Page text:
A very well done film that is packed with many worthwhile DVD extras.
As much as I appreciate the production featurettes, I wish they would have been broken down in a simpler way.
Ice Age is great film. I missed it when it played in theaters, but watching it now I was taken with every aspect of this simple story. Manfred (a mammoth), Sid (a sloth) and Diego (a tiger) decide to join forces when they are left in charge of a human baby. Their goal is to reunite this lost child with it's family. What is essentially a simple story takes us on a laugh filled adventure, where these three very different animals come to bond in a most unexpected way.
Ray Romano (Manfred), John Leguizamo (Sid) and Denis Leary (Diego) are perfectly cast in their voice roles. In fact, I think that this might be John Leguizamo's best work ever. I became so completely engaged in this tightly woven tale of 3 friendships forged, that I don't recall seeing an animated move that had this kind of effect on me since I was a child.
This is a commentary track with Ice Age Director Chris Wedge and the film's Co-Director Carlos Saldanha. These two give listeners an interesting back and forth discussion on the film, the characters and the overall story. While not as technical as one might want, they seem more focused on the themes and storytelling which is probably a good thing.
Nutty Movie Mode
One can watch the movie in this special way and they will then see it in an enhanced mode. Essentially, you set your DVD player and whenever an acorn pops up on the screen, you will be taken to this film's deleted scenes individually. Once those scenes run their course, the viewer is dropped back into the movie.
These Deleted Scenes can also be viewed separately. There are six in total and they have titles like "Sylvia & Sid Introduction" and "Sabre Stake Out." Truthfully, as it is, Ice Age plays just fine in it's 81 minute theatrical form.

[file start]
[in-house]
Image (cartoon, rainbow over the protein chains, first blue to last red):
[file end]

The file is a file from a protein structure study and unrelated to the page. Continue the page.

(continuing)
Extreme Cool View
If the Nutty Movie Mode isn't enough for you, than the Extreme Cool View should more than satisfy your need for more information on this film. When watched in this mode we are given things like "Scrat's Frozen Fun Facts" and "Behind the Ice Video Clips" from the Filmmakers and Natural History Experts. While I didn't make it all the way through the movie in this "scientific" mode, it would be a great way for younger kids to get teachers to show them this film in class!
Sid on Sid
As the character of Sid, John Leguizamo sits down and takes us through some of Sid's more prominent scenes. In my opinion, this character is the star of the movie so Leguizamo could have talked over all of it if he had wanted to. Watching him here, he was so keyed into this character, that I am wondering if Wedge and Co. allowed him to improvise his whole role?
The short films on this disc are "Bunny" and "Gone Nutty: Scrat's Missing Adventure." While I enjoyed Scrat's missing adventure, simply because I really enjoy seeing Scrat in action, I loved "Bunny." This tale of a widowed rabbit who is eventually reunited with her husband in heaven, says more in the few minutes it plays, than most films say in their entire 80, 90 or 120 minute runs.
Scrat Reveals and International Ice Age
Scrat Reveals is a series of Fox promos in which they use Scrat and some devices from Ice Age to promote the Fox network. International Ice Age shows us a scene like Sid, Manfred and Diego changing the human baby. Seamlessly interspersed throughout this is the scene in multiple dialects. Nothing too amazing, but it does show the universal appeal of animation.
Under the Ice